Autumn Quarter 2012-2013
STS152 Nuclear Weapons, Risk and Hope


Course Description and Guidelines


Meeting #1, 24 SEP 2012: Read Handout #1. Also read Handout #2 on the physics of nuclear weapons. That material will not be required immediately, but will help you understand some later concepts, such as the relative risks of North Korea's plutonium production and uranium enrichment. If you have trouble with the physics, don't worry. It won't be key to what follows. Try to read for an understanding of which reactor types are more proliferation prone and which types are less susceptible to proliferation.


Meeting #2, 1 OCT 2012:

1. Read Handout #3 on critical thinking.

2. Watch the 13-minute video Assault on Pelindaba. It conveys the risk of nuclear terrorism better than anything else I have seen. You may also want to do the following optional reading on that website, which is for my project Defusing the nuclear threat: The home page where that link lands you is a five minute read and summarizes the problem and my approach to the solution. The BUILD AWARENESS tab explains the ideas behind trying to create a "pocket of nuclear awareness" on campus. A list of prominent Stanford endorsers for that effort is also available.

3. Watch a short video of an above ground nuclear test and another about "duck and cover." Note how the latter film tries to normalize a nuclear attack by likening the damage to sunburn, fires, etc. While duck and cover may sound like a joke, I was shown that film in elementary school, and we practiced duck and cover on a regular basis, just like fire drills.


Meeting #3, 8 OCT 2012: Prof. Barton Bernstein, one of the world's leading experts on the Cuban Missile Crisis, will give a guest lecture on those events from 1962. Read pages 1-5 of "Fifty Years After the Cuban Missile Crisis: Time to Stop Bluffing at Nuclear Poker."


Meeting #4, 15 OCT 2012: Read Handout #4 applying critical thinking to two questions: "Did the A-bombs end World War II?" and "Did President Eisenhower object to the use of the A-bombs on Japan?"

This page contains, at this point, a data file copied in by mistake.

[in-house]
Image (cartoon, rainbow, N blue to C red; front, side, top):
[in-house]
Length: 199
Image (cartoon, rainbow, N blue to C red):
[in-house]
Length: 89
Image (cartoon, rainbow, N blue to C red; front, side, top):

Meeting #5, 22 OCT 2012: Instead of our usual class meeting, we will be attending the 2012 Drell Lecture, "What Lessons Have We Learned From the Cuban Missile Crisis?" The lecture will be on the second floor of Tresidder Union, from 4:00 to 5:30 PM, but please try to arrive half an hour early. We have reserved seats, but an overflow audience is expected, and we will have to relinquish the seats some time before 4:00. If you are unable to attend, please contact me for ways to make up this class. There is no new reading for this meeting, so please use this week to review past readings and to get ahead on next week's assignment.


Meeting #6, 29 OCT 2012: Read Handout #5 applying critical thinking to North Korea and Iran.


Meeting #7, 5 NOV 2012: Read Handout #6 on "Risk Analysis, Cuba, and the Golden Rule." I have extracted the most important material for our next class to this relatively short handout, so please ake sure you read it before the class. I have also created an optional Handout #6a, "Optional Reading on Risk Analysis and The Cuban Missile Crisis." Those of you who want to know how I justify saying my research indicates that a child born today has at least a 10% chance of not living out his or her natural life due to our reliance on nuclear weapons will find the first part answers that question. Even if you are not interested in those technical details, there is lots of interesting information on the Cuban Missile Crisis interspersed, such as details on the Soviet nuclear torpedo that came close to being used during the crisis. You can skim over the technical analysis and pick up just those parts.


Meeting #8, 12 NOV 2012: Read Handout #7 on "Critical Thinking and the 2008 Georgian War."


Preparation for Meeting #9, 26 NOV 2012: Re-read Handout #8 on "Hope."


Preparation for Meeting #10, 3 DEC 2012: Review how your thinking has changed on the issues covered in this seminar. What were its strongest and weakest areas of coverage?



Winter Quarter 1994-1995
EE478 Cryptography


This handout is included here primarily for sections 5.2 and 5.3 on Richard Schroeppel's Linear Sieve factoring algorithm, which was the inspiration for Carl Pomerance's Quadratic Sieve.